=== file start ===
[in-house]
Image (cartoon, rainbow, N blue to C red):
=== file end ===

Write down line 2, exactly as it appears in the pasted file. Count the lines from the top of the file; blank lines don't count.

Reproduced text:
Image (cartoon, rainbow, N blue to C red):